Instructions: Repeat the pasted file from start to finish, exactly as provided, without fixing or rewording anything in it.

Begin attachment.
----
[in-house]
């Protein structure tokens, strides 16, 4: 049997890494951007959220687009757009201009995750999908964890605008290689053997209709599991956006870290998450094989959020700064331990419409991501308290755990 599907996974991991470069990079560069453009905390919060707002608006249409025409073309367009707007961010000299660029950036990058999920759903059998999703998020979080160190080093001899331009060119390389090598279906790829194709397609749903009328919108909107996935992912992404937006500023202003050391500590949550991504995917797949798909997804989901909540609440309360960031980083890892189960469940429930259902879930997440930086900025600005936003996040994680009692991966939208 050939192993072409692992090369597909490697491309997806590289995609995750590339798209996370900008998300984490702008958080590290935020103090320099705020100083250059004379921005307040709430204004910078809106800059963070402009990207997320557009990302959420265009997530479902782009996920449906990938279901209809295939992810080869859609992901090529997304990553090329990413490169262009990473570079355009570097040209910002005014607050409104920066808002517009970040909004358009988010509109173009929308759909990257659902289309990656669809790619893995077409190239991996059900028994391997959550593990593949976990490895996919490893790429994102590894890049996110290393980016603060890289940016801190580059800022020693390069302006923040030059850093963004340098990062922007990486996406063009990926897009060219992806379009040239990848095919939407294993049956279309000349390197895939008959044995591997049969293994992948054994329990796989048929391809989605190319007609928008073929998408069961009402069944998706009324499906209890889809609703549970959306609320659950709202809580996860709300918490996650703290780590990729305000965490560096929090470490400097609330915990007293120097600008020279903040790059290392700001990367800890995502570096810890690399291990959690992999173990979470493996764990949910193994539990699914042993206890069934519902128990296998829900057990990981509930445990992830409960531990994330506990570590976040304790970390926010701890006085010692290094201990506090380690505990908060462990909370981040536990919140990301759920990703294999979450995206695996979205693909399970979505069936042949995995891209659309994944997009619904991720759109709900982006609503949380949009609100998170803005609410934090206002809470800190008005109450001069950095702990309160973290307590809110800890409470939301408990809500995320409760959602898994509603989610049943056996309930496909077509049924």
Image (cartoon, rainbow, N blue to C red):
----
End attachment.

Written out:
[in-house]
């Protein structure tokens, strides 16, 4: 049997890494951007959220687009757009201009995750999908964890605008290689053997209709599991956006870290998450094989959020700064331990419409991501308290755990 599907996974991991470069990079560069453009905390919060707002608006249409025409073309367009707007961010000299660029950036990058999920759903059998999703998020979080160190080093001899331009060119390389090598279906790829194709397609749903009328919108909107996935992912992404937006500023202003050391500590949550991504995917797949798909997804989901909540609440309360960031980083890892189960469940429930259902879930997440930086900025600005936003996040994680009692991966939208 050939192993072409692992090369597909490697491309997806590289995609995750590339798209996370900008998300984490702008958080590290935020103090320099705020100083250059004379921005307040709430204004910078809106800059963070402009990207997320557009990302959420265009997530479902782009996920449906990938279901209809295939992810080869859609992901090529997304990553090329990413490169262009990473570079355009570097040209910002005014607050409104920066808002517009970040909004358009988010509109173009929308759909990257659902289309990656669809790619893995077409190239991996059900028994391997959550593990593949976990490895996919490893790429994102590894890049996110290393980016603060890289940016801190580059800022020693390069302006923040030059850093963004340098990062922007990486996406063009990926897009060219992806379009040239990848095919939407294993049956279309000349390197895939008959044995591997049969293994992948054994329990796989048929391809989605190319007609928008073929998408069961009402069944998706009324499906209890889809609703549970959306609320659950709202809580996860709300918490996650703290780590990729305000965490560096929090470490400097609330915990007293120097600008020279903040790059290392700001990367800890995502570096810890690399291990959690992999173990979470493996764990949910193994539990699914042993206890069934519902128990296998829900057990990981509930445990992830409960531990994330506990570590976040304790970390926010701890006085010692290094201990506090380690505990908060462990909370981040536990919140990301759920990703294999979450995206695996979205693909399970979505069936042949995995891209659309994944997009619904991720759109709900982006609503949380949009609100998170803005609410934090206002809470800190008005109450001069950095702990309160973290307590809110800890409470939301408990809500995320409760959602898994509603989610049943056996309930496909077509049924």
Image (cartoon, rainbow, N blue to C red):